From that perspective, Greyball is a vital tool for the company. Without it a few dozen determined vandals, each armed with several mobile phones, could easily disrupt an entire city’s Uber service. Around the world, including in South Africa, Uber drivers are regularly harassed, attacked and even killed.
But in its quest to disrupt an industry, the company has nurtured a culture that rewards performance at all costs. The unintended consequences of this culture are now painfully obvious. The radically libertarian mindset of Uber’s founders has allowed the company to flourish, but may also have sown the seeds of its downfall.
These scandals are a gift to Uber’s critics and enemies. Anti-capitalist commentators are particularly smug, seeing this as more evidence of the company’s predatory and exploitative business practices.
Even if public opinion does not turn against it, the company’s current culture will steer it off a cliff
I’m deeply suspicious of Uber’s more hysterical detractors. Casting it as the cartoon villain serves the purposes of too many vested interests for it to be credible. The armchair Marxists expect us to believe that all the incumbents in the industry are ideal employers, and that Uber is systematically crushing steady, well-paid jobs in order to set up a global monopoly.
The reality is far more nuanced and complex. Too many taxi industries around the world have existed in cosy symbiosis with regulators. Supply has been intentionally limited to ensure prices remain high. Exhibit A is the licensing system for yellow cabs in New York City. Until recently these were selling for as much as $1m.
To imagine that any ordinary taxi driver could afford to enter such a market is laughable. In large cities like New York, taxi firms are typically tightly controlled by a small number of operators. These owners collude on price, if it is not already set by their tame regulators. This means that taxi trips cost significantly more than they should. Try catching a black cab in London to see this in action.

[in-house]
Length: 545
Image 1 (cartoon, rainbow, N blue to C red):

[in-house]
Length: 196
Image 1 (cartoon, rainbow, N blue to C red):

I don’t accept that Uber is inherently evil or unethical, but these scandals are a sign that radical changes are required within the company. Even if public opinion does not turn against it, the company’s current culture will steer it off a cliff.
For example, if the European Union were to turn against Uber the way it has against Google and Microsoft, the consequences would be ruinous. Europe is one of Uber’s most important markets, and nothing annoys Eurocrats like a company that behaves as though it is above the law.
The root of these issues is obvious: the company’s leaders are drunk on their own success and have lost touch with reality. This is the only explanation for their self-defeating behaviour. How else could they expect to get away with systematically protecting sexual harassers? Or cosying up to Donald “Cheeto Benito” Trump?
The ability to roll out a programme like Greyball reveals a spectacular lack of self-reflection. Any company that intentionally disrupts the enforcement of a law — even where the law is petty or unclear — is putting itself in the same category as Enron. It takes a special kind of hubris to rationalise such reckless tactics.
So now, Uber is down, and its detractors are lining up to kick it in the face. The company’s future depends on its leaders’ actions over the next few months. Either it reforms and rises to new heights, or it collapses under the weight of its own success. It’s time for Kalanick and his team to grow up and lead.
- Alistair Fairweather is the founder of PlainSpeak, a consultancy focused on helping businesses and people to get the most out of technology